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Comment
Dr Paul Flewers   
Added: 9 Mar 2023 18:12 GMT   

Some Brief Notes on Hawthorne Close / Hawthorne Street
My great-grandparents lived in the last house on the south side of Hawthorne Street, no 13, and my grandmother Alice Knopp and her brothers and sisters grew up there. Alice Knopp married Charles Flewers, from nearby Hayling Road, and moved to Richmond, Surrey, where I was born. Leonard Knopp married Esther Gutenberg and lived there until the street was demolished in the mid-1960s, moving on to Tottenham. Uncle Len worked in the fur trade, then ran a pet shop in, I think, the Kingsland Road.

From the back garden, one could see the almshouses in the Balls Pond Road. There was an ink factory at the end of the street, which I recall as rather malodorous.

Reply

KJH   
Added: 7 Mar 2023 17:14 GMT   

Andover Road, N7 (1939 - 1957)
My aunt, Doris nee Curtis (aka Jo) and her husband John Hawkins (aka Jack) ran a small general stores at 92 Andover Road (N7). I have found details in the 1939 register but don’t know how long before that it was opened.He died in 1957. In the 1939 register he is noted as being an ARP warden for Islington warden

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Added: 2 Mar 2023 13:50 GMT   

The Queens Head
Queens Head demolished and a NISA supermarket and flats built in its place.

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Comment
Mike   
Added: 28 Feb 2023 18:09 GMT   

6 Elia Street
When I was young I lived in 6 Elia Street. At the end of the garden there was a garage owned by Initial Laundries which ran from an access in Quick Street all the way up to the back of our garden. The fire exit to the garage was a window leading into our garden. 6 Elia Street was owned by Initial Laundry.

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V:0

NEARBY LOCATIONS OF NOTE
The Prince Albert Originally called the Albert Tavern, the Prince Albert public house is a three storey building dating from 1866-68.

NEARBY STREETS
Albany Mansions, SW11 Albany Mansions is one of the streets of London in the SW11 postal area.
Albert Bridge Road, SW11 Albert Bridge Road is one of the streets of London in the SW11 postal area.
Albion Riverside, SW11 Albion Riverside is a road in the SW11 postcode area
Anerley Street, SW11 Anerley Street has taken two forms over its history - recently running north-south but previously east-west.
Anhalt Road, SW11 Anhalt Road is one of the streets of London in the SW11 postal area.
Ashurst Street, SW11 Ashurst Street disappeared post-war.
Balfern Street, SW11 Balfern Street is a road in the SW11 postcode area
Banbury Street, SW11 Banbury Street is a road in the SW11 postcode area
Battersea Bridge Road, SW11 The laying out of Battersea Bridge Road took place in several phases between the 1770s and 1850s.
Battersea High Street, SW11 Battersea High Street is anything but the high street of Battersea.
Battersea Park Road, SW11 Battersea Park Road is one of the main roads of the area, connecting Battersea and the suburbs to its east.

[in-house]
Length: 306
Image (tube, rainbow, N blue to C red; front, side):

Beechmore Road, SW11 Beechmore Road is one of the streets of London in the SW11 postal area.
Berry House, SW11 Berry House is a block on Anerley Street.
Blomfield Court, SW11 Blomfield Court is one of the streets of London in the SW11 postal area.
Bolingbroke Road, SW11 Bolingbroke Road was Bolingbroke Terrace until 1887.
Bolingbroke Walk, SW11 Bolingbroke Road became Bolingbroke Walk in 1937.
Bridge Lane, SW11 Bridge Lane is one of the streets of London in the SW11 postal area.
Brynmaer Road, SW11 Brynmaer Road is a road in the SW11 postcode area
Bullen Street, SW11 Bullen Street is one of the streets of London in the SW11 postal area.
Cambridge Mansions, SW11 Cambridge Mansions is one of the streets of London in the SW11 postal area.
Cambridge Road, SW11 Cambridge Road is one of the streets of London in the SW11 postal area.
Carriage Drive West, SW11 Carriage Drive West is a road in the SW11 postcode area
Castle Street, SW11 Castle Lane was marked on the 1860 map as a small country lane.
Castlemaine Tower, SW11 Castlemaine Tower is a block on Culvert Road.
Chatham Street, SW11 Like the surrounding roads, Chatham Street was built in 1863.
Colestown Street, SW11 This is a street in the SW11 postcode area
Condray Place, SW11 Condray Place is a road in the SW11 postcode area
Condray Street, SW11 Frances Street was renamed Condray Street in 1937.
Cottage Place, SW11 Cottage Place appears on 1900 mapping.
Culvert House, SW11 A street within the SW11 postcode
Culvert Road, SW11 Culvert Road dates from the 1860s.
Dovedale Studios, SW11 Dovedale Studios is one of the streets of London in the SW11 postal area.
Dyson Building, SW11 Dyson Building is a building on Howie Street.
Edna Street, SW11 Edna Street is one of the streets of London in the SW11 postal area.
Elcho Street, SW11 Elcho Street is one of the streets of London in the SW11 postal area.
Ethelburga Street, SW11 Ethelburga Street was named after Saint Æthelburh (Ethelburga), founder and first Abbess of Barking.
Ford’s Place, SW11 Ford’s Place - a meandering little road - appears on 1900 mapping.
Foxmore Street, SW11 Foxmore Street is a road in the SW11 postcode area
Gaitskell Court, SW11 Gaitskell Court is located on Shuttleworth Road.